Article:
News Roundup

The Asheville Citizen-Times reports that Joe Wiseman has reached a civil settlement with Buncombe County that requires him to pay the county $150,000 related to his participation in bribery and kickback schemes with former county officials.  The settlement also requires Wiseman to provide testimony and otherwise cooperate in potential future prosecutions.  The Citizen-Times additionally notes that Wiseman recently reported to federal prison to begin serving the sentence resulting from his guilty plea earlier this year.  Keep reading for more news.

Pugh.  In other public corruption news, CBS Baltimore reports that former Baltimore Mayer Catherin Pugh pleaded guilty to several federal fraud and tax evasion charges this week after being indicted last week.  Among other things, an indictment in the case alleged that Pugh claimed her taxable income in 2016 was $31,020 when in fact it was $322,365, a discrepancy that reduced Pugh’s tax liability by almost $100,000.

Prison Drugs.  WRAL has a recent report that takes a look at the creative ways in which people attempt to smuggle drugs into the state’s correctional facilities.  Some approaches are basic, such as simply throwing a duct-taped football filled with drugs over a fence, while others are more complex, involving convincing camouflage.  The report goes on to note that a significant portion of the state’s offenders who were subject to drug tests over a seven-month period tested positive for drugs, with a statewide rate of 10%.  The piece includes a breakdown of rates of positive tests at various North Carolina facilities.

[Update: A helpful reader pointed out an error in the original report regarding the rates of positive drug tests in North Carolina facilities.  While the report originally said that 10% of all offenders statewide tested positive, in fact 10% of the portion of offenders who were tested during a seven-month period had positive results.  The entire offender population was not subject to testing over the examined period.  Over the seven months of data used by WRAL, approximately 24,000 offenders were tested and approximately 2,400 tested positive.  This post has been updated to reflect that correction.]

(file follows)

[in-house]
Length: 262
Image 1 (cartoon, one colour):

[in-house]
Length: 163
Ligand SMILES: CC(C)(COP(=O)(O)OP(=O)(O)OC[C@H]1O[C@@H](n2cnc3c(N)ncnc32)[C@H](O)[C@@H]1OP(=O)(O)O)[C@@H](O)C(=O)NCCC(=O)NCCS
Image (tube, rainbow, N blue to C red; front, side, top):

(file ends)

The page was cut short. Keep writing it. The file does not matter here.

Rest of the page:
Guards Charged.  Two guards who worked at the Manhattan jail where Jeffrey Epstein was in pretrial detention were charged this week with falsifying prison records of the night Epstein committed suicide.  It is alleged that the guards were doing various non-work activities online and sleeping while on duty.  Security camera footage apparently shows that the guards did not at any point enter the wing where Epstein was held on the night he died.  The New York Times story notes that the jail, like other detention facilities around the country, has been short staffed.  One of the guards was working a 16-hour double shift and the other volunteered to work after already putting in overtime earlier in the week.

Prince Andrew.  In a story related to Epstein, the Times also reports that Britain’s Prince Andrew announced this week that he would step down from his public duties because of the  public outrage stemming from their friendship.  The Times says that Andrew gave an interview last weekend where he was perceived as lacking sympathy for Epstein’s victims and offering unpersuasive denials of sexual misconduct.

Gallagher.  In a rare situation where an administrative review board hearing is drawing national attention, NPR has a report on an upcoming hearing concerning whether Special Operations Chief Eddie Gallagher should be removed from the Navy SEALS following his conviction earlier this year of a military offense related to posing in a photograph with the corpse of an Islamic State captive.  Gallagher was acquitted of murdering the captive.  President Trump has tweeted his position that the Navy will not remove Gallagher from the SEALS and the Navy apparently is waiting for further guidance on the issue.

Drywall Technique.  Experienced drywall installers know that the task is best done while not wearing a shirt so that your clothes don’t get dirty.  A Utah woman, though, has found herself the defendant in a lewdness prosecution after her stepchildren saw her hanging drywall in her house while topless.  The Associated Press says that a judge is now considering her challenge to the constitutionality of the law.

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